Many children with autism show very little interest in academic assignments and exhibit disruptive behavior when assignments are presented. Research indicates that incorporating specific motivational variables such as choice, interspersal of maintenance tasks, and natural reinforcers during intervention leads to improvements in core symptoms of autism and may possibly be effective in academic areas. Using a multiple baseline across children and behaviors design with four pre- and elementary school children with autism, we assessed whether the above variables could be incorporated into academic tasks to improve performance and interest. Results indicated that the intervention decreased the children’s latency to begin academic tasks, improved their rate of performance and interest, and decreased their disruptive behavior. Theoretical and applied implications are discussed.
Children with autism spectrum disorders (ASD) and other disabilities are often exposed to academics and homework assignments that are challenging or simply uninteresting to the children. Research suggests that this may lead to mild to severe disruptive behavior used to avoid or escape the academic task (Ochs et al. 2001; Gunter et al. 1994).
Active participation in academics is important and children are expected to engage in and practice these fundamental skills both within and outside of the classroom. This is particularly important for children with ASD, as engaging in academics in the home setting provides opportunities to practice skills with one-on-one attention, thereby maximizing the likelihood of acquisition of targeted academics (Rosenberg 1989; Patton et al. 2001). In addition, the literature indicates that comprehensive and consistent programs across settings, involving school-home collaboration have the most successful outcomes (Harrower 1999; Harrower and Dunlap 2001; Baumgartner et al. 1993; Callahan et al. 2008). However, research has yet to clearly identify ways to motivate the children to engage in such broad academic participation.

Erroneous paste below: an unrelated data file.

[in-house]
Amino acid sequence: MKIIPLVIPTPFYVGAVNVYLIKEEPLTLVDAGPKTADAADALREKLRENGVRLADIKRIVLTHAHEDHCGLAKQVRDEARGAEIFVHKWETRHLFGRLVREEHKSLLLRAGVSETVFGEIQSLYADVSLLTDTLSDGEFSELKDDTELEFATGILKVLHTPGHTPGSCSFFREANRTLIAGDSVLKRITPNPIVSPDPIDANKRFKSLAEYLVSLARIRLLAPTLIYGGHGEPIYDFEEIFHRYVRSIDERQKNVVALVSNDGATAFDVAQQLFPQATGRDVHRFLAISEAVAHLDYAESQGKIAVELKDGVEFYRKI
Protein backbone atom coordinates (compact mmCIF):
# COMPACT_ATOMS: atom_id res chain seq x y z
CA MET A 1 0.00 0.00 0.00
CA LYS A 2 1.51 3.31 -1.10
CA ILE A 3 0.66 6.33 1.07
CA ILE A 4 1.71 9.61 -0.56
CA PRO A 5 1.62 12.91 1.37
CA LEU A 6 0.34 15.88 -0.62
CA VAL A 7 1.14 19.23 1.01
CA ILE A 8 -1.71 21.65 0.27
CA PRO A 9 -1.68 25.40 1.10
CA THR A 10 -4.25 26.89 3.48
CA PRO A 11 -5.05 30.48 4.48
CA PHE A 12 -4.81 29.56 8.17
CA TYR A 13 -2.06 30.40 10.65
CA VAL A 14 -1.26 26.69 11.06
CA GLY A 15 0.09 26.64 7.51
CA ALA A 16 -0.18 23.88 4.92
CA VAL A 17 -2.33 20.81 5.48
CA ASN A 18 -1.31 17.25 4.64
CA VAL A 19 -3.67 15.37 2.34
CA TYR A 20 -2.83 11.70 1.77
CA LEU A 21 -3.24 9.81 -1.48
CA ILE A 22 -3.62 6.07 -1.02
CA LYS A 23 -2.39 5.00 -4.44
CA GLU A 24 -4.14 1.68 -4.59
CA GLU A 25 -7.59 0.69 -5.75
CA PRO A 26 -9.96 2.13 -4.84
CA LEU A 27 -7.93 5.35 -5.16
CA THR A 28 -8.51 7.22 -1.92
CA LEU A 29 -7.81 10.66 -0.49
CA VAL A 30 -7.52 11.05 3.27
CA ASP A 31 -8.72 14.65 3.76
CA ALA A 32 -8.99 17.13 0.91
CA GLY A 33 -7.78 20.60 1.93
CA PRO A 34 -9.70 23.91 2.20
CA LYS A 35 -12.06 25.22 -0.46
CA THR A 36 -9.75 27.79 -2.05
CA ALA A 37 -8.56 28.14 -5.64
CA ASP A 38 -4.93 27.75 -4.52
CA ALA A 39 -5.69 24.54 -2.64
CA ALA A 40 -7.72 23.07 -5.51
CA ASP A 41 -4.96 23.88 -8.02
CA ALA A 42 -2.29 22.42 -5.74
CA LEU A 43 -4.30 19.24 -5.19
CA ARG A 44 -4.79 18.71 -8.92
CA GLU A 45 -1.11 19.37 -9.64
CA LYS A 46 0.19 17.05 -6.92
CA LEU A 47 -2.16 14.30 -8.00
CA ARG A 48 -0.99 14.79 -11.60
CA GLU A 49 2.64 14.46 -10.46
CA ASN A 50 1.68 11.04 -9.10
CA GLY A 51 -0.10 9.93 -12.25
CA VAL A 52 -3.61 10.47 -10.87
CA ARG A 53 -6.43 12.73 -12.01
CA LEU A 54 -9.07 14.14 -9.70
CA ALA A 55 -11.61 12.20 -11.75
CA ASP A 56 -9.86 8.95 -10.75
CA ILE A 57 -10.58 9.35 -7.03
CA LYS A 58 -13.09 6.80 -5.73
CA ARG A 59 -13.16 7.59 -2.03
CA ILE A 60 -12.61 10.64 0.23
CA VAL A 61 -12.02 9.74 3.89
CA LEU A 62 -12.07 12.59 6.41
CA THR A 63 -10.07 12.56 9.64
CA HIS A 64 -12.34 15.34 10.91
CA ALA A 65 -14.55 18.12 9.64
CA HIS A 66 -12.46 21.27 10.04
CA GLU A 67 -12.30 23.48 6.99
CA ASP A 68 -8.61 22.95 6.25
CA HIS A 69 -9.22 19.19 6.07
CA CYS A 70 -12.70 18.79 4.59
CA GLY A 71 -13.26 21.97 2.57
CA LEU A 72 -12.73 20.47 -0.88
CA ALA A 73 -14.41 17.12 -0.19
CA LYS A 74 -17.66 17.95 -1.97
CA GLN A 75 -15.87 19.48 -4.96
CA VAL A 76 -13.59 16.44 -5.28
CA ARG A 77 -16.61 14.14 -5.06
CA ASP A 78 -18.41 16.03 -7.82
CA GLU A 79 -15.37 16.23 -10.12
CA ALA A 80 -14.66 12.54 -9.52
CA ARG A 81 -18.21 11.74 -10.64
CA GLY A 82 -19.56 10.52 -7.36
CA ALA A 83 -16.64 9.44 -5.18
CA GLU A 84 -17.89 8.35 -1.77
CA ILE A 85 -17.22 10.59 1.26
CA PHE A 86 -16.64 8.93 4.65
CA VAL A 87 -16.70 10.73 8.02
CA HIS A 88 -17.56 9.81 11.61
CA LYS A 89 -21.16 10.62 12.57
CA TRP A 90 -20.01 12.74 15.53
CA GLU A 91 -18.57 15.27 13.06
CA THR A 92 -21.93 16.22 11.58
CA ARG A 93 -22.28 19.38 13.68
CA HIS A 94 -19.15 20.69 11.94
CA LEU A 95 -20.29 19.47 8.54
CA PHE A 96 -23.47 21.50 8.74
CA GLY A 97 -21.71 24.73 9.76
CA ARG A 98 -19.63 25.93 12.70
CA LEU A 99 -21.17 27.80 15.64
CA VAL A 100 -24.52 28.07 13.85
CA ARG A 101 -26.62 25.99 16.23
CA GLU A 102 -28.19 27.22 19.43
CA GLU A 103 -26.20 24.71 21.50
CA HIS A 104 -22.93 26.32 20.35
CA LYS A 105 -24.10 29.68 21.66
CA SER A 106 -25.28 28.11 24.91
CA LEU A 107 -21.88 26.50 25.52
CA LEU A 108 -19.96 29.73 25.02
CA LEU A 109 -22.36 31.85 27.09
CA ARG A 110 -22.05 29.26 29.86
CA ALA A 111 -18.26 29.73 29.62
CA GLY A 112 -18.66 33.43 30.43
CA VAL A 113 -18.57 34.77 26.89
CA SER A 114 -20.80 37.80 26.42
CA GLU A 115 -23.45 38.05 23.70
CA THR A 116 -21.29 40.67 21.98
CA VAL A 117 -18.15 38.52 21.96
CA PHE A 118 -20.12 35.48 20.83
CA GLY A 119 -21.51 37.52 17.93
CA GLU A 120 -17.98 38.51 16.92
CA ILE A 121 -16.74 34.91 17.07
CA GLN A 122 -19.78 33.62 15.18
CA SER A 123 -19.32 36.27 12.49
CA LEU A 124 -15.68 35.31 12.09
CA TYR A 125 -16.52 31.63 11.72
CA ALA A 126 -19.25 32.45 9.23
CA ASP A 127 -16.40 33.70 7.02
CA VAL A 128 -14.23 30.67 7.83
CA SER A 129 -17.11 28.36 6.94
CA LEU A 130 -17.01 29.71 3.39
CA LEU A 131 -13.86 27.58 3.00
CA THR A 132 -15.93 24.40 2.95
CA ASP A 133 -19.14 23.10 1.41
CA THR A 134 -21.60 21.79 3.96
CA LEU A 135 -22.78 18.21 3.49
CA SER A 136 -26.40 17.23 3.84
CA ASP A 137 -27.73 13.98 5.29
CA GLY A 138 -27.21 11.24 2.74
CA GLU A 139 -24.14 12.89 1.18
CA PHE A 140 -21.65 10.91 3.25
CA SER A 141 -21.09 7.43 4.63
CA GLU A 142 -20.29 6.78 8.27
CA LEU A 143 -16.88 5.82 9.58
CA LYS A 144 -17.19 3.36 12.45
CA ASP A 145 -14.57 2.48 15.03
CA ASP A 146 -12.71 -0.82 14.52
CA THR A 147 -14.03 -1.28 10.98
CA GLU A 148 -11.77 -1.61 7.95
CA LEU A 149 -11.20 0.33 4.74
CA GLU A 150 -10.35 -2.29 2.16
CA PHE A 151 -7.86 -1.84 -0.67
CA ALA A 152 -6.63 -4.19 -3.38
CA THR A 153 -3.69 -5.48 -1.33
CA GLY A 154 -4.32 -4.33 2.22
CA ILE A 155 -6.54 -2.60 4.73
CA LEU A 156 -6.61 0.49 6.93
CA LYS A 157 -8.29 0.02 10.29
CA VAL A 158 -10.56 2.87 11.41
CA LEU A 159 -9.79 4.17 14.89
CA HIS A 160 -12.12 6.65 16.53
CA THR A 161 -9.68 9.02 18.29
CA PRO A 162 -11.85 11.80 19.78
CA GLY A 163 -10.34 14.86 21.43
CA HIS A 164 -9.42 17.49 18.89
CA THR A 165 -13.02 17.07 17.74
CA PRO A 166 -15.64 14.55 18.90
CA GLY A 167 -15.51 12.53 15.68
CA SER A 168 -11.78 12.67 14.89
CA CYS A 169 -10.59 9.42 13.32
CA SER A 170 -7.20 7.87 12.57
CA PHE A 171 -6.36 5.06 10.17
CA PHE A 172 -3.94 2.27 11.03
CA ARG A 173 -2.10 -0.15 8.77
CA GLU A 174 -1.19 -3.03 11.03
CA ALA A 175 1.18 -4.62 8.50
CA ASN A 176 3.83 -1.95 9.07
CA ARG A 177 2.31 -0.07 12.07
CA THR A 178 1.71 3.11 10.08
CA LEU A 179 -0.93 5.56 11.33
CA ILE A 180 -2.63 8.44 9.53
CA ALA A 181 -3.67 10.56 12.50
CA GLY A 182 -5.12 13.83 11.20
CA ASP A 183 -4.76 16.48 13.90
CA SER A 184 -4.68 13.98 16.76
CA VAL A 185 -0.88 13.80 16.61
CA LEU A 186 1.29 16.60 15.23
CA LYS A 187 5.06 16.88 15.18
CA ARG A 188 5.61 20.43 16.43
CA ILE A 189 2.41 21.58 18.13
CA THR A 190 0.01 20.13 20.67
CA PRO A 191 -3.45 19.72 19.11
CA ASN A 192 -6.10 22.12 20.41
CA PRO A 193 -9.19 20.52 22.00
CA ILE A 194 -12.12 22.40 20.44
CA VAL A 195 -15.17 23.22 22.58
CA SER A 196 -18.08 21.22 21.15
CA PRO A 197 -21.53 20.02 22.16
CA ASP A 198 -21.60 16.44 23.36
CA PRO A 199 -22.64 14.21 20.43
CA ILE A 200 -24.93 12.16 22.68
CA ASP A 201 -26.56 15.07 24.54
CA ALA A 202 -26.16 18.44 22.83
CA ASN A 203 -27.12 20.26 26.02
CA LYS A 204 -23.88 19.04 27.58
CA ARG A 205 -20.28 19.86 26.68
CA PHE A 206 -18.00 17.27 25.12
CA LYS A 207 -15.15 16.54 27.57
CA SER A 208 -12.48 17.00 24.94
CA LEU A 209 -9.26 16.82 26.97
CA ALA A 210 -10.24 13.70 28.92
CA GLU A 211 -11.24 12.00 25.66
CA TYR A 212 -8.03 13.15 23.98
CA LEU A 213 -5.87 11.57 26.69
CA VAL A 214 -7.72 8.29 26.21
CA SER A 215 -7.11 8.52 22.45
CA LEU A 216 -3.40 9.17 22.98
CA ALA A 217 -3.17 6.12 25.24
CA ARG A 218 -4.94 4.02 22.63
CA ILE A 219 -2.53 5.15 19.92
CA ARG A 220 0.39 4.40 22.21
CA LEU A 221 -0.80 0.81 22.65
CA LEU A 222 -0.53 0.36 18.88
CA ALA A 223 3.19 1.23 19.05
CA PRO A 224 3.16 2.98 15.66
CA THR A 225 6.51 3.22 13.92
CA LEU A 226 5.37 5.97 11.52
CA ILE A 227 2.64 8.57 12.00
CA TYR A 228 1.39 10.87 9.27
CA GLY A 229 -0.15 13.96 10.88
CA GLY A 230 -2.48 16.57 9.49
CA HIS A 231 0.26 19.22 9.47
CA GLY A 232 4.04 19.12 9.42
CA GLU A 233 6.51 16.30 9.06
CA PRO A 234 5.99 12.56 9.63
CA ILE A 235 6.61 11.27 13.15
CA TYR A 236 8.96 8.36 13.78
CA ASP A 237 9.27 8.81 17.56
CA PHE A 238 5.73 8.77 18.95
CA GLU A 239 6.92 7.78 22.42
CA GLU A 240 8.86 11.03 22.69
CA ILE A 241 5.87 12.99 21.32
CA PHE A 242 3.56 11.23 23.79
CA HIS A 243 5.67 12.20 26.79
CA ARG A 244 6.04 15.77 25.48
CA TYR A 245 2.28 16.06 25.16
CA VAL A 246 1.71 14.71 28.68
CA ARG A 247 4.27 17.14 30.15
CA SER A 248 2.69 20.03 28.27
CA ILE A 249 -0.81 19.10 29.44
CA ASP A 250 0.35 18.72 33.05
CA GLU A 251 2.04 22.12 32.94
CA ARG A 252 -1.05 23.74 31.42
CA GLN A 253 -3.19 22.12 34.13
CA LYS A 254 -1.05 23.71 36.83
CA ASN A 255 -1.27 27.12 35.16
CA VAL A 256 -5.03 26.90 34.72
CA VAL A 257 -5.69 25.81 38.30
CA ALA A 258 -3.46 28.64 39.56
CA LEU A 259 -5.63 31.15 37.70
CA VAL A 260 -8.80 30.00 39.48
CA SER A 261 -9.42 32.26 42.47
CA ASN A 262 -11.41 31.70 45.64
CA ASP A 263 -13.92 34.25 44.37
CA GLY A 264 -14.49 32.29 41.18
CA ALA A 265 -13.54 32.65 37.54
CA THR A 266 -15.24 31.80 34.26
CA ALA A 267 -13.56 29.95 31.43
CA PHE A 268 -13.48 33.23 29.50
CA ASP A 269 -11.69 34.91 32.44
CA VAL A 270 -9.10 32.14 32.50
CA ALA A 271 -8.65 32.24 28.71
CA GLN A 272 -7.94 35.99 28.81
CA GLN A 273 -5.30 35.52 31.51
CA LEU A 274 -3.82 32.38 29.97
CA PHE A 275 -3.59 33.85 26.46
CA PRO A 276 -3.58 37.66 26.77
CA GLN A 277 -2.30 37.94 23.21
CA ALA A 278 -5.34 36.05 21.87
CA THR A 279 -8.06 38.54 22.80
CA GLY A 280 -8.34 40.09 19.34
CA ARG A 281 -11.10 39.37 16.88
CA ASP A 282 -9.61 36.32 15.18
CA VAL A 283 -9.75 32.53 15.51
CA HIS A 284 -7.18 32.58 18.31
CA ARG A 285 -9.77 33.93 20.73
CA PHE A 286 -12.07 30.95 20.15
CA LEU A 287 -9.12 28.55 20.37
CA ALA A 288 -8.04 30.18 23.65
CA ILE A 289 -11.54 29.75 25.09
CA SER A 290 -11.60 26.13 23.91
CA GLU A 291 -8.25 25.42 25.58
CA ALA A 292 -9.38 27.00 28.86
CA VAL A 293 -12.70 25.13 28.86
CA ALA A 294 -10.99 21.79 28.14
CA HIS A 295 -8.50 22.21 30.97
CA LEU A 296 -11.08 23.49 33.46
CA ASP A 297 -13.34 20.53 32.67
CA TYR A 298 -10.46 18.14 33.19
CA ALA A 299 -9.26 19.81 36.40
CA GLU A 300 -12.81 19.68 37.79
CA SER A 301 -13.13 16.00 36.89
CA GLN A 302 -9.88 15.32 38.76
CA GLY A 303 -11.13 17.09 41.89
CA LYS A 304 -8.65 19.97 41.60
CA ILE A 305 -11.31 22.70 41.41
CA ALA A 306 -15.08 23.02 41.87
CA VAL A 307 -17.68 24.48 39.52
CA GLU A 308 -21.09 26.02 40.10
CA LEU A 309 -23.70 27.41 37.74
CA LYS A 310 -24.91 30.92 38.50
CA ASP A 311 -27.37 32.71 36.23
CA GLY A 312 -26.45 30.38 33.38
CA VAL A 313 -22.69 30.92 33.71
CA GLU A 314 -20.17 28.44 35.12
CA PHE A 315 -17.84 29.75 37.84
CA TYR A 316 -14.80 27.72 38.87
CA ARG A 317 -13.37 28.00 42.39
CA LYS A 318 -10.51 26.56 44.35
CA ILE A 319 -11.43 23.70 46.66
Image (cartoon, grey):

A few studies, with populations other than autism, have suggested that antecedent interventions, such as including children’s interests within academic assignments can decrease disruptive behavior and increase engagement and responsivity (Hinton and Kern 1999). Similarly, manipulating the consequences, so that academic activities result in natural reinforcers has been shown to improve academic engagement and decrease disruptive behavior (Kern et al. 1994). Preliminary literature suggests that some of these variables may also be effective with children with ASD (Dunlap 1984; Dunlap and Koegel 1980; Heimann et al. 1995; Koegel et al. 1994). As a package, the use of such variables has been effective for improving symptoms of autism, improving motivation for a variety of tasks, and decreasing disruptive behavior (Koegel et al. 1992, 1987).
The purpose of this study was to assess whether such motivational variables (choice, interspersal of maintenance tasks, and including natural reinforcers) could be employed to improve interest and performance in academic tasks. Specifically, we assessed whether these variables would improve writing and math performance, increase interest in the academic activities, and decrease disruptive behavior.
Four children, from 4 to 7 years of age, participated in this study. All were diagnosed with autism by an outside state agency and exhibited symptoms of autism including delays in communication, difficulty with socialization, and restricted interests. Three of the four participants were fully-included and the fourth spent part of his day in regular education and part in a special education classroom for children with autism. All were selected for participation in this study due to parent report of significant difficulties with academics. Table 1 summarizes the age, gender, ethnicity, grade level, target academic tasks, and educational placement for each of the participants.
Addition, Subtraction, Writing
1st grade fully included
1st grade fully included w/FT aide
KG fully included w/aide
Preschool combination of inclusion/special Ed.